About neem oil

The origins of this ‘new’ pesticide can be traced back several centuries, when it was used in cosmetics and medicines, notes Paul Donovan.

Neem oil does not harm important pollinators such as bees, a major consideration given the declining numbers of bee colonies.
Photo: Paul Donovan

The neem, Azadirachta indica, is an evergreen tree related to the mahogany tree and native to southern Asia, although it grows in other parts of the world. Neem seeds are rich in oil, the processing of which has given rise to many products.
For use as a pesticide, the oil is extracted from the seeds, first by crushing them, and then soaking them in water or alcohol. The extract is then converted into an insecticidal soap.

Azadirachtin
One of the active ingredients in neem oil soap is the chemical azadirachtin. First isolated from the neem seed in 1968, it is now one of the most common active ingredients in many broad-spectrum insecticides. Azadirachtin does not work simply as a contact insecticide (absorbed through the skin, leading to dehydration), or ingestion-based insecticide (reduces the insect’s desire to feed), but attacks in a number of other ways:

  • It disrupts the sensory receptors in the mouth, inhibiting the tasting of food and therefore its ingestion.
  • It works as a growth-inhibitor by preventing the larvae or nymphs from moulting.
  • It inhibits egg development.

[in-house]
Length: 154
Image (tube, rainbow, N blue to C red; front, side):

• It gives off an odour that disrupts the insect’s normal settling behaviour and inhibits the female’s desire to lay eggs on the leaves.

Inertness and low toxicity
Unlike many synthetic insecticides, azadirachtin has been shown to remain inert in soil and have low toxicity levels in mammals. Furthermore, insects have little build-up of resistance to it, even over several generations. Clinical studies have also demonstrated that azadirachtin poses no major threat to humans. Neem products can be used on a variety of grain, fruit and vegetable crops, and on pests associated with the commercial greenhouse environment. In many cases, a single low dose is all that is required.

Over the years, trials have shown neem oil to be effective against more than 200 species of insect pest, ranging from aphids and squash bugs to caterpillars, locusts and beetles. In most cases, neem oil is harmless to many of the predatory species, such as spiders, ladybirds, and parasitic wasps, both in larval and adult stages. For this reason, it can prove a valuable resource when used in conjunction with an integrated pest management system.

Application
Azadirachtin-based insecticides tend to be effective only at certain stages of a pest’s life-cycle. For example, while controlling adult aphids, they do not work against adults in every case. In some instances, they are effective only at the egg stage. In most cases, they work during the intermediate, larval (caterpillar) stage or the immature phase.

Neem products should be applied well before pest levels reach epidemic proportions. The sooner they are used, the less damage is done to the plants because the pests are removed before establishing themselves. Applying neem insecticide to plants in the greenhouse before transplanting them to the field is particularly effective at reducing pest numbers. It can also be introduced to the plants in a much less concentrated form through a drip irrigation system. This too will eliminate pests significantly.

Paul Donovan is a biologist who has worked with reptiles and insects in zoological collections in the UK. He is based in Botswana, where he advises farmers on the use of biological control agents. Email him at [email protected].